TITS OR GTFO: Why Everyone, Girls Included, Should Play Video Games

kgould's picture

 Tits or GTFO: Why Everyone, Girls Included, Should Play Video Games

            The Women & Gaming Study done in 2010 by the Lifetime network, and AETN Digital Media showed that women play online more than men (55% vs 45%), women play more frequently during the day (whereas men play for a longer duration and typically at the end of the day), and most women like to play solo (83%) [1]. Girls are gaming and their numbers are ever increasing in their use of browser games, social games (like those found on Facebook), and MMORPGs (Massively Multiplayer Online Roleplaying Games).

            And yet the famous meme still persists, that “there are no girls on the internet.” This seems to be a better safe than sorry approach to pursuing relationships online, particularly through chat rooms and virtual worlds where gender is as much a matter of personal preference as the color of your hair or the username you use. According to the site “Know Your Meme,”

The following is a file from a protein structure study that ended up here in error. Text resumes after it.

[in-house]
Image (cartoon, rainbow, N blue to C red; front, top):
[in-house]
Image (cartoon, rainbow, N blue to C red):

Ever since the dawning age of Usenet, falsely posing oneself as a girl to gain others’ attention has remained a popular trolling technique in chat rooms, bulletin boards and more recently, in the context of online gaming (ex: World of Warcraft, Starcraft, etc) [2].

But if the aforementioned survey is to be believed, you are more likely to find a woman in an online game, (particularly WoW, which is considered a huge success for being able to appeal across gender lines) [3].

            So why does this myth persist, that women can’t possibly be playing video games or using the internet, especially as marketing groups continue to produce survey results that point to the contrary?